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Unlock your glow! Everything you need to know about exfoliation

Is your skin dull, dry, or rough? Are you prone to congestion and spots? If so, regular exfoliation could be the key

Have you discovered the benefits of exfoliation? Skin is constantly renewing itself, producing new cells at the bottom of the epidermis which work their way to the surface of your face, then die and are shed. We don’t tend to notice this unless the dead skin cells clump together and come off in flakes.

In simple terms, exfoliation is the process of clearing away the old dead cells and keeping skin looking fresh and clear. In addition to preventing breakouts and acne, regular exfoliation can diminish the appearance of fine lines and wrinkles, reduce visible signs of sun damage and boost the effectiveness of other skincare products, allowing them to penetrate deeper into the skin.

Why should you exfoliate?

As we get older, cells shed more slowly, leaving skin looking dull, drier and uneven in texture. “As we age our skin’s natural ability to shed skin cells slows down, which can lead to dull, flaky and congested looking skin, which can make you look older,” says EV Expert Dr Ross Perry, Medical Director of Cosmedics Skin Clinic. “Cleansing won’t do quite the same job as an exfoliator and actually, the dead skin cells left on the skin can inhibit other products working.”

Keep in mind that skin becomes drier and more sensitive as you grow older, so choosing gentler exfoliants over abrasive physical scrubs can be favourable to delicate skin. If your skin is oily, exfoliation will help clear the pores so they are not blocked by the dead skin cells, leading to breakouts and acne. Dry skin will benefit by regular exfoliation by keeping the surface clear of debris and allowing skincare products to be absorbed more efficiently and evenly.

How often should you exfoliate?

Regular exfoliation is great for your skin as long as your skin is in good health, but it is crucial to exfoliate gently. If your skin is oily, you may need to exfoliate daily or every other day–all other skin types should limit exfoliating at home to once or twice a week.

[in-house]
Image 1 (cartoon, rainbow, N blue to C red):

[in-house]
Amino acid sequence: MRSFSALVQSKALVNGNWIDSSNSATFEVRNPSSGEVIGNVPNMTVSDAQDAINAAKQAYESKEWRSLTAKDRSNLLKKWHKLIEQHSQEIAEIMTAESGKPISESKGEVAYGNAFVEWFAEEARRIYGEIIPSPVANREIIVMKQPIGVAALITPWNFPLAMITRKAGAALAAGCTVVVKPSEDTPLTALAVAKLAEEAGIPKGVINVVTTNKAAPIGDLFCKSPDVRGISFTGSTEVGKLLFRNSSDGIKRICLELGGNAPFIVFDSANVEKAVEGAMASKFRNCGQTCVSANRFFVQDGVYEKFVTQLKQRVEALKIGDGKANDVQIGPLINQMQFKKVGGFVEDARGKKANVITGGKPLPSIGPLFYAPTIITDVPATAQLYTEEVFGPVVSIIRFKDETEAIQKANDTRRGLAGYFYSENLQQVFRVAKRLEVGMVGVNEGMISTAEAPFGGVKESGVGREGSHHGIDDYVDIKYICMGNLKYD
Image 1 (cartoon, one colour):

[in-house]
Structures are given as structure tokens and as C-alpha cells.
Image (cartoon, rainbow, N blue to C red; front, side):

Ways to exfoliate

Chemical exfoliants or hydroxy acids loosen the bonds or ‘glue’ between dead skin cells and the skin’s surface. The three types of hydroxy acids include alpha hydroxy acids (AHAs), which include lactic, malic, mandelic, phytic and glycolic acids; beta hydroxy acid (salicylic acid) which is particularly recommended for acne prone and congested skin and has antibacterial and anti-inflammatory properties, and polyhydroxy acids (PHAs), which have slightly larger molecules than AHAs and exfoliate the uppermost layer of skin, making them ideal for reactive and sensitive skin.

Enzymes are usually derived from fruits such as pineapple and papaya–they literally break down keratin in the skin’s top layer, and dissolve dead skin cells. Enzymes are ideal for sensitive skin as they don’t penetrate as deeply.

Manual or physical exfoliants include tools such as body scrubs with granules, exfoliating mitts, loofahs, pumice stones and brushes. These need to be used gently as skin can become inflamed.

Topical retinoids are a class of medication derived from vitamin A. Retinoids can help treat sun damaged skin, minimise signs of ageing and treat acne.

What about body exfoliation?

Just like our faces, the skin on our body will also benefit from regular exfoliation to help keep it smooth and allow body lotions to absorb more efficiently. Body exfoliation can include more abrasive products like pumice stones, that you would never use on the more delicate skin on your face, but gentler chemical exfoliation is also an option. Dead skin can build up anywhere, but pay particular attention to areas that tend to be drier such as knees, elbow, feet, thighs, and buttocks.

What about in clinic exfoliation?

A dermatologist can help you decide on the best method or product for your skin, including in clinic treatments such as chemical peels, which have a higher acid concentration than home peels and must be applied and removed by an aesthetic specialist; dermaplaning, whereby a scalpel blade is used to remove dead skin cells and baby hairs from your face, and microdermabrasion, which involves fine crystals used in a handheld device to remove dead skin cells.

Hardworking exfoliators to try 

Zo Skin Health Exfoliating Polish
Magnesium crystals are used in this gentle polish to restore a smooth texture and healthy glow.

Alpha-H Liquid Gold with 5% Glycolic Acid
This award-winning product is clinically proven to improve skin tone, luminosity, skin texture and skin elasticity.

Revision Skincare Brightening Facial Wash
A combination of AHAs and BHAs are combined in this cleanser to gently cleanse and exfoliate the skin.

Obagi Blue Peel Radiance, available at Thames Skin Clinic
A blend of salicylic, glycolic and lactic acids is used to improve a range of skin conditions including acne, photodamage and hyperpigmentation.

Ross Perry, Medical Director

Dr Ross Perry is a leading aesthetic and dermatology doctor who specialises in botulinum toxins (Botox), fillers and...

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